6.77 Where rebates are specified in terms of a monetary value of purchases or sales, it is important to realize that because of inflation a monetary value does not represent a constant real quantum. As a consequence, the monetary value should, if possible, be converted to a quantity. If this is not possible, then the dollar value should be updated each year according to the change in the price of the item concerned.

6.78 If the quantity or value of a respondents purchases or sales changes significantly, the pricing basis should be changed to reflect this. The change in rebate associated with this should not be allowed to affect the index.

6.79 Where a number of levels of rebates are offered, it is necessary to ascertain the importance of each level of rebate and to price those that are significant.

6.80 Caution must be adopted when dealing with retrospective price falls. Revisions to previously published indices can create major problems for users, who use them to negotiate contracts.

D.5 Other variables

D.5.1 Quality or specification changes

6.81 If any variable in the product specification changes, the respondent should be questioned about the change and whether new features have been added. If it is a simple change that has no effect on the price, then the specification should be updated and a marker placed on the product description to indicate that it has been changed. If the quality increases (in terms of producers cost), then this should be reflected in the index as a price fall. If the quality decreases, then this should be reflected as a price rise.

6.82 If the price of the product changes and it is solely or partly because of the change in the specification of the product, then the data collection form returned to the respondent should contain the new price, but for index purposes a quality adjustment should be made to record no price changes for the product on the price database (since it is not an inflationary pressure causing the price to move). If, for example, the price of the product moves 10 percent and the respondent assesses that only 5 percent of the movement was related to pure price change, with the remaining 5 percent owing to a different product with changed specification being quoted (a quality improvement), then the price relative should move by only 5 percent.

D.5.2 Unique products

6.83 A unique product is a product that is only manufactured once to the specification of an individual customer. Within a group of products, each product will be different from the others—for example, industrial furnaces, ships, or an audit contract. In these cases the price cannot be observed over multiple periods. There are a number of approaches to solving this problem, as follows:

  • (i) Model Pricing: Ask the respondent to provide a notional product with a basic range of characteristics, based on recent orders. For each period the respondent is asked to supply a hypothetical price quote based on this hypothetical product. It is important to update the product specification at regular intervals. Described below are three methods of model selection that can be used. Refer to Chapter 10. for further discussion.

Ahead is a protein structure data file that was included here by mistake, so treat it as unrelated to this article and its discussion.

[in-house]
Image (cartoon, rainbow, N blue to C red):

• (a) An actual product sold in some recent period, which is representative of the respondents output, can be selected and specified in detail as the model to be priced;

    • (b) A hypothetical model that is representative of the types of products produced by the respondent can be established. While this model may never have been (or never will be) produced, it must represent an item that could be readily produced; and

    • (c) A component model can be established. These are used in those cases where no single model can represent the output of the respondent. In such cases a number of models can be selected or a notional model incorporating the key components from the various items produced can be established that is,—incorporating the different types of materials used and different production techniques. In the latter case the model would be purely hypothetical in that it might never be built, but it would nevertheless be representative for measuring price changes.

  • (ii) Repeat Recent Real Sale: Ask the respondent to provide a price quote for a recent real sale and to provide a hypothetical price for this exact product design for the subsequent months. If the order is not repeated again after a reasonable interval—for example, six to eight months—then a replacement product is sought.

  • (iii) Specification Pricing: A base model of the product or service is agreed upon with the company, and then in each subsequent month the company supplies the price for each individual part of the model—for example, one hour of an accountants time or a ton of steel and so on. When the data are returned to the office, they are collated using a formula agreed upon with the company to arrive at a price each month.